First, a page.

Top of these recommendations was to make Islington somewhere that no-one does a hard day’s work for less than they can live on. This meant tackling the growing problem of in-work poverty by paying the Living Wage. First, the council got its own house in order, chopping £50,000 off its Chief Executive’s salary to pay for 110 of its own directly employed staff to move up to the (London) Living Wage, disproportionately benefiting women and black and minority ethnic workers, and narrowing the organisation’s pay ratio to 1:10. Then we built the Living Wage into our commissioning and procurement. Now, 92 per cent of our contracts – including big ones with Mitie (security), Kier (housing), Enterprise (environment), Caterlink (catering) and Aquaterra (leisure) – require contractors’ staff to be paid at least the Living Wage too. This has been achieved with no consequent job losses and without any additional expense to the taxpayer. From March, our home care contracts will insist that hundreds of domiciliary carers get a Living Wage too. That will just leave our care homes, mostly run by Care UK, to crack. Meantime, we are exercising civic leadership by persuading other employers in the borough, across the public, private and voluntary sectors, to pay the Living Wage as well. In the light of this work, Islington became (in March 2012) the first local authority in the country to be accredited as a Living Wage Employer.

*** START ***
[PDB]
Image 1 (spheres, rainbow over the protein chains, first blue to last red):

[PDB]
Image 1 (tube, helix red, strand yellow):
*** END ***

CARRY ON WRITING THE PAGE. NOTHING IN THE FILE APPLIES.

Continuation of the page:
The Fairness Commission clocked personal debt as a real challenge in our borough, so we have tightened up our trading standards activity around payday lenders, helped our local credit union grow its membership by 65 per cent and secured £1m from the Big Lottery Fund to set up the Fit Money scheme to do work on financial literacy with young people on our estates. We have also opened the first new Citizens Advice Bureau in London in 20 years at a prime high street location to offer residents top quality advice as the Coalition’s cuts to social security bite. It is now receiving a thousand visits a month.